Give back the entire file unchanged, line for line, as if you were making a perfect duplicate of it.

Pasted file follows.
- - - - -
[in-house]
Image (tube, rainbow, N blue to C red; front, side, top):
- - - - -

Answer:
[in-house]
Image (tube, rainbow, N blue to C red; front, side, top):